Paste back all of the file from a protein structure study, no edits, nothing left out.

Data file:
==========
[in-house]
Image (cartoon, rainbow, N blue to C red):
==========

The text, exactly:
[in-house]
Image (cartoon, rainbow, N blue to C red):